When it comes to the really big thrills in life, never mind the family; it's all about the sudden joy of victory.
Forget the wife and kids - a sports fan knows the real truth
He might have just captained Manchester City to one of the most dramatic Premier League triumphs ever, but Vincent Kompany clearly knows on which side his bread is buttered.
"It was one of the best moments of my life," Kompany said of his team's logic-defying, last-gasp win on Sunday, before adding, with a barely concealed chuckle, an obligatory "together with the birth of my child and together with my wedding day".
The men and women of the press corps laughed knowingly. I suspect that they thought, just as I did, that Kompany was lying. Far be it from me to doubt his love for his family, but Kompany's words seemed born out of duty more than real feeling.
It is hard to see how anyone in attendance at Etihad Stadium who witnessed the "miracle at Manchester" on Sunday, as Kompany himself called it, would not consider it to be the greatest day of their lives.
Logically, of course, there is no acceptable explanation for that. It's just 22 players kicking a round ball, the cynics would say. A modern day opiate for the masses. Bread and circuses. Is this real happiness, or merely an illusion of it?
This is best answered with another question: does it matter?
"The goal towards which the pleasure principle impels us - of becoming happy - is not attainable," Sigmund Freud said of the pursuit of happiness. "Yet we may not - nay, cannot - give up the efforts to come nearer to realisation of it by some means or other." So, that's escapism, Sigmund.
Except it's so much more than that. The joy, and let's not forget, misery, that football brings to millions is far closer to spiritualism than escapist entertainment. Enjoying The Avengersis one thing; what City fans, and Kompany, experienced is quite another. Happiness, that day, was very much "attainable".
In his era-defining book about football obsession, Fever Pitch, the usually erudite Nick Hornby struggled in vain to articulate what Arsenal's dramatic league championship win at Anfield in 1989 - the game most closely resembling City's on Sunday - felt like.
He gave up, saying there was no analogy good enough for the euphoria felt after that last-minute winner. No memorable concerts, no personal awards or promotions, not even winning the pools. And of course, not even that old standard: the new baby.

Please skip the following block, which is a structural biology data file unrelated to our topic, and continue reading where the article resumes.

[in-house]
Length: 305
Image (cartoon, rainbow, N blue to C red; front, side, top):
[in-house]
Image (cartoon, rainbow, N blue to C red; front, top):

"Childbirth must be extraordinarily moving, but it doesn't have that crucial surprise element," Hornby said, adding: "What else is there that can possibly provide the suddenness?" And there, in a nutshell, lies the glory of sports. Suddenness.
"The Rumble in the Jungle" as Muhammad Ali knocked out George Foreman in Zaire, 1974. "The Miracle on Ice" at the 1980 Winter Olympics, when the amateurs of the US beat the mighty Soviets in Lake Placid. And the Red Sox beating the New York Yankees in seven games to banish the "Curse of the Bambino" on their way to winning their first World Series for 86 years in 2004. All against the odds. All so very sudden.
These City fans had waited 44 years, their comically underachieving club forever in the shadow of absurdly successful and, one would assume, insufferable rivals. If there was a competition for messing up, City would have messed up their application form. There was even a name for it: "Cityitis". In retrospect, it could only be cured the way it was on Sunday; despair before ultimate, sudden redemption.
For United fans, now, the trauma. The sort of trauma their team has inflicted on supporters of other clubs for the last two decades. They'll handle it of course, for they have their own stories, their own miracles. One friend who was lucky enough to be at the fabled 1999 Champions League final win over Bayern Munich once told me that it was the best night of his life.
"This stays between us, but it was better than the birth of my child." Ah, a bit of self-awareness at last. And from a Manchester United fan no less.
It's not right. It just is.
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